Blue skies,
Lyle Prouse
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Old 21st May 2007, 11:05
  #244 (permalink)  
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I found this interesting article from the flight safety foundation, avition medecine, titled "WHEN BOTTLE MEETS THROTTLE". In it, statements about how ICAO supposedly deals with alcoholism among pilots are stunning...

The problem about alcool in a cockpit should not be analysed at a personal level, nor should we draw conclusions based on generalism. But more importantly alcool problems do not start, nor end, in a cockpit, far from that.
Alcool amoung pilots IS A PROBLEM, and it all starts with
-Medical exams: I do not know about the US, but in Europe, in Africa, and in Asia, the medical exams are jokes.
-Random checks: again, in all continents above mentionned, they are non existant.
-Airline responsability: I strongly believe airlines have more responsability than just writting in an Ops manual rules concerning alcool... I personnaly know so many colleagues having serious alcool problems, and never ever did I hear about mesures taken by any airline, pro/actively, to prevent alcoholic personal to be in command of an airline aircraft (not being drunk does not mean the person is not an alcoholic!!).
-Culture: it seems to me that for most anglo/saxe, drinking is a proof of virility. Again, any heavy drinking habit is easily detectable by medical check, so why is it that nothing is done to tackle the problem (an alcoholic can only heal through abstinence, according to medical studies).
-Last but not least, ICAO: in that article (, you can read that according to ICAO "alcoholism amoung crewmembers is relatively infrequent, and taht less than 1 pilot in every 5000 worldwide loses his/her license each year because of problems associated with alcoolim...". Well, that proves what I was trying to develop, the problem is not tackled seriously. My airline has around 5000 pilots, and I personnaly know let say... 100 pilots that have serious alcool problems, that are by medical definition alcoholics.
Now, as a pilot, we have the choice. Let the media trash a pilot now and then because he/she was caught drunk or with a alcool level in his/her blood that is illegal while on duty. Or should we rather start to solve our problem by accepting that there is a problem, and more importantly impose on the ICAO that mesures are taken at all level to eradicate alcoholism amoung the pilots (and not just drunk pilots to show up at work).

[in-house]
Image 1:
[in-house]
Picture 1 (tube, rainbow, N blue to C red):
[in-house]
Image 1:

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Old 22nd May 2007, 19:34
  #245 (permalink)  
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So what you are saying is that a Pilot whose performance is not impaired any way whatsoever by alcohol at any time in the course of his work should be treated for alcoholism if you think by personal observation that he is a bit of a party animal ?
I would suggest your time be better spent on more important things like lack of sleep and fatigue brought about by excessive work patterns which are far more of a danger to the travelling public.
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Old 25th May 2007, 05:08
  #246 (permalink)  
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Alcohol among pilots is a problem.

Well, only if it suits your argument. Please search for, as far as l know, the facts from "Flying Lawyer".
Also silly statements like medical examinations in europe are a joke is a joke.
l can only speak as a subscriber in the UK, but a finer bunch of eccentrics - operating under the banner of AME`s - working for the best interests of all concerned despite government interference, l couldn`t imagine.

Best to stay away from Amsterdam mon ami, random there is an art form.
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Old 25th May 2007, 09:48
  #247 (permalink)  
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Open question.

Is anyone aware of an airline in the UK that doesn`t offer support and counselling for drug and alcohol abuse ? Plainly, that may not be effective but names and phone numbers are routinely given out these days.
Fifteen or so years ago a captain topped himself in the Channel lslands, l believe that was the start of the change in company thinking in the UK.
If you find this boring ? Hard luck pal, this is real life.
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Old 5th Jun 2007, 12:29
  #248 (permalink)  
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I would suggest your time be better spent on more important things like lack of sleep and fatigue brought about by excessive work patterns which are far more of a danger to the travelling public.

Very true... Back in my airline flying days I found myself getting really depressed with intense, repetative and unsociable schedules... I was drinking for escape at all sorts of odd hours so that I wouldn't conflict with the 8 hr rule and just getting more depressed... I was lucky enough to be in a position to walk away from that type of flying and get my life back together... many.. possibly most pilots out there with established careers and family responsibilities are not able to do so and will find themselves in an ever descending spiral...